After scrutinising the descriptions and measurements of various patterns, I settled on a ‘tube’ style coat, which would be close fitting and comfortable.

It’s called “Mod Dog” for obvious reasons, but it was the tube style that I wanted, not the Mod design.


Don’t you just love the illustrations?


I had the best part of a ball of “Rainbow” double knitting yarn left over from some project or other which would be plenty for this little coat.

Wool Warehouse stock it in a dozen different colours.


I started straight away. Well, it was howling a gale and pouring down outside, so why not?


By the next day, I had finished both the front and back pieces.


A quick trip to the garden centre later, and I had a set of 3.75mm circular needles to finish the cuffs.


How’s that for a season-appropriate colourway? 


I put the coat on Fifi as soon as it was off the needles and she wore it all night without the need to be wrapped up in a blanket. (For “blanket” read “one of Mr H-L’s jumpers”, because he’s so soft).


This morning I took some more pictures in daylight to show you.


Now she won’t look daft if we go out for a walk, whereas the Christmassy coat might draw a few questioning glances down the pub.





Isn’t it sweet? Although I’m hoping Summer will show it’s face at some point in August, at least Fifi won’t be shivering if it doesn’t.

Perhaps I could make a matching coat for Tess….?


38 Comments

Dog Coat Fail….

Remember the doggy bandana I knitted for Miekie (seen here modelled by Tess) as part of last year’s Stitching Santa?

It was from the book Woolly Woofers by Debbie Bliss.


I bought it as much for the quirky illustrations as for the actual content – just look at this backdrop for the so-called Teacup Yorkie!


Well, our other Yorkie, Fifi, has been to the Vet’s a lot recently as she’s an old dog that needs a bit more regular attention. She is much happier wearing a dog coat than those awful cones, but she doesn’t really have enough. I thought this little coat would be a quick and simple knit to go with the fleecy coat I made the other week.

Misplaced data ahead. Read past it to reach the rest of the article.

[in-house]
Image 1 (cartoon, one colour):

Most of the coats in the book are in there sizes; small,medium and large, but this particular design was specifically for Toy breeds and only available as ‘one size fits all’.

I should have been wary at that statement as both Tess and Fifi are a Toy Yorkshire Terrier, yet Tess is literally twice the size of Fifi.

Undeterred, I cast on using a super chunky yarn in two colours which were dictated by the two half-balls of Lion Brand that had been languishing at the bottom of my ‘leftovers’ bin for months now. There should just about be enough to make a tiny coat.


The gauge was only slightly bigger than the tension gauge suggested in the pattern so I carried on to the end, playing yarn chicken (again!) and winning with just 6″ to spare.

I tried the finished coat on Fifi and….

…..it was HUGE!


It could probably have gone around her twice and the end flopped well past her tail. She even looked the other way in an effort to communicate her humiliation.


So I tried it on Tess…..and it fit perfectly.


It looks just like it does in the book – nice and snug around the chest and not too long in the body.


She was even happy to pose for the camera.